Assistive Technology With IFTTT (If This Then That) + IoT (Internet of Things): Part 1

photo of a home with different rooms being shown that can be connected via internet
 
We saw a couple of months ago how Amazon Echo, or Alexa, can be such a huge help to people with disabilities. With very simple commands, Alexa can read us a book, control lights in our house, and also order a pizza for us! However, how about we take things a step further, and make a combination of technologies and applications just do things for us without us having to perform any sort of manual interaction with any app or device?
 
IFTTT, which stands for If This Then That, has been around for a few years now, and can do exactly what’s described above. With IFTTT you can create “recipes” that look for a certain trigger and then perform a certain action. Here are some examples of IFTTT recipes that can be especially helpful for people with disabilities:
  • If I am approaching my house, turn on the living room light, and start playing music.
  • If I exit my house, turn off all lights, and set the thermostat to 68 degrees.
  • If my plants are dry and they need to be watered, send me a text notification.
  • If my client who has Alzheimer’s, goes outside of a specific geographic location, send me a text message.
  • If I receive an email from my caregiver, send me a text message.
  • If I am on vacation at an exotic place, and I am taking photos there with my phone, upload them automatically to Facebook so my friends and family can see them too.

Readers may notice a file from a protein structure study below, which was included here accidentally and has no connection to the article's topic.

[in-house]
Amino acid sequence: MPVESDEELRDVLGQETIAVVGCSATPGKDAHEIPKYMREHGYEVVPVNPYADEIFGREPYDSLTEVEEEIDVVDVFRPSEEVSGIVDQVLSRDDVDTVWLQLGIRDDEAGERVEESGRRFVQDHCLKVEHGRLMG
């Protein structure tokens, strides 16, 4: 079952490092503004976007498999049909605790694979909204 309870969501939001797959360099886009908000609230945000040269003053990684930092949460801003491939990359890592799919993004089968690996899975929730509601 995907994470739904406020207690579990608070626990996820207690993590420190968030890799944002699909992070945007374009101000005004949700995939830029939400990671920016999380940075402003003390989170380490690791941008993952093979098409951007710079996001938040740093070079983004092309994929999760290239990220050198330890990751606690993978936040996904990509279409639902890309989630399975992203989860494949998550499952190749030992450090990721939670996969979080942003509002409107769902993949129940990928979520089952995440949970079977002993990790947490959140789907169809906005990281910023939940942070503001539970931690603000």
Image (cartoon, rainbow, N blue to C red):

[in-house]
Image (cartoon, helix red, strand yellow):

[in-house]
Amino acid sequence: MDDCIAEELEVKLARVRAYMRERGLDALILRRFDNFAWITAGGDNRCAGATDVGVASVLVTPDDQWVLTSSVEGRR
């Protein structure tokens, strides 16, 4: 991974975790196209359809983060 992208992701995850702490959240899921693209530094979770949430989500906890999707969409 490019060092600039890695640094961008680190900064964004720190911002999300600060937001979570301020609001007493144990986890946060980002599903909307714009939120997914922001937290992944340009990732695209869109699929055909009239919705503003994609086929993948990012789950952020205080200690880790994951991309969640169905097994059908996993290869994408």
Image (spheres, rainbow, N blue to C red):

These are some very simple example of “triggers” (If I am approaching my house) that can initiate “actions” (turn on the living room light), and all of this is done behind the scenes via “recipes”, which are just easy rules that are set up only once in IFTTT with very minimal clicks. These sort of recipes can be beneficial to blind and/or deaf-mute people, people in wheelchairs, people with bad motor skills and muscular dystrophy – anyone for whom interacting with a device like a phone may be an extra step that they would possibly like to avoid.
 
The IFTTT interface is very simple – it lets you choose from a huge list of “trigger channels” for the “THIS” part. So,  if a person in a wheelchair is creating a recipe that will turn off all lights and coffee maker when they leave their house, they will choose the trigger channel “location” and then choose separate “action channels” – “turn off light” and “turn off coffeemaker” for the “THAT” part.
 
You can watch this video below to see how IFTTT recipes are created for five different  scenarios.
  • When a patient walks out of a specific geographic location, send the caregiver a text notification with the patient’s location.
  • A blind photographer is at a touristy location and is taking photos with their iPhone. Upload that person’s photos automatically to a Facebook album so they are shared with friends, family, and fans.
  • Send text notification when you receive an email  from your caregiver.
  • When you ask Amazon Echo “Alexa” what’s on your To-Do List, it automatically creates a reminder on your phone for those items so you have access to those items when you are out and about running chores.
  • Get notified when season changes on Mars!
 
 
As you can see, these recipes are extremely easy to create, yet so powerful and effective. For people with disabilities, a combination of these apps and technologies through IFTTT recipes can be extremely beneficial, and enable them to overcome barriers to every day living by automating (almost) everything around them and bringing comfort and convenience.
IFTTT website: https://ifttt.com/

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